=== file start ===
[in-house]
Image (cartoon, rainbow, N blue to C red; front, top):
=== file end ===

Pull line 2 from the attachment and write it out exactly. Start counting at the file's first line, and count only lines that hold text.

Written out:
Image (cartoon, rainbow, N blue to C red; front, top):